BARCELONA—Huawei didn’t have much (read: anything) in the way of new phones to show off at Mobile World Congress this year, but it did have the RoadReader proof-of-concept; a system that leverages the AI on last year’s Mate 10 Pro phone to drive a Porsche Panamera.
The Mate 10 Pro features a chip dedicated to handling AI processes, the so-called NPU (Neural Processing Unit). Until now, one of the main benefits of this to buyers is that when you’re taking a picture of pets, for example, the NPU knows that you’re photographing a cat and adjusts things like shutter speed and sensitivity accordingly.
The RoadReader concept builds on these existing image-recognition features. The Mate 10 Pro we saw had been tweaked to recognize three things: cyclists, dogs and footballs. During the set-up process, we decided how the car would react them—swerve left or right or perform an emergency stop.
Instead of relying on the Mate 10 Pro’s own cameras, Huawei and its partners hooked it up to a 4K Sony camera supplied by creative technologists Kerve, which have previously driven cars using EEG headsets. This time around, though, it’s machine intelligence behind the wheel.
Given a new, more powerful set of eyes—the camera’s 300x zoom lens was enhanced by a doubler—the Mate 10 Pro could see and detect objects at an effective stopping distance and issue commands to the Panamera’s robotics system.
After telling the app what we wanted the car to do when it spotted certain objects, we cruised at a leisurely 5mph outside Barcelona F.C.’s Camp Nou stadium, before putting the thing into reverse and heading back in a straight line. The next time around, the speed cranked up to a slightly scary 30mph, while Huawei staff ran on to the test area and dropped a giant cardboard cutout of one of the aforementioned obstacles; watch the video below to see what happens when a “dog” was placed in our path.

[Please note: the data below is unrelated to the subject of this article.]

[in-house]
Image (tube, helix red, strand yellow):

“The advantage that we have is that this is all happening on the phone, no going over the cloud, no needing any network connection,” said Huawei global senior product marketing manager Peter Gauden. “There’s no latency at all, everything happens instantly.”
This is not, however, an indication that Huawei’s about to get into the increasingly crowded space of self-driving cars. “This is just us having fun, with the power of the AI on the device, and a nice car.”
As well as being fun, the demo also serves to promote Huawei’s open platform for mobile AI, which it announced at IFA last year. While Huawei says this is simply a bit of fun, when you think about the number of times you take your phones on long journeys, whether to act as navigation devices or control the playlists, it could be that mobile AI plays an increasing role in smart car control.